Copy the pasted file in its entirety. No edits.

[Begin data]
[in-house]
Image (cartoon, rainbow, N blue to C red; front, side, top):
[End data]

[in-house]
Image (cartoon, rainbow, N blue to C red; front, side, top):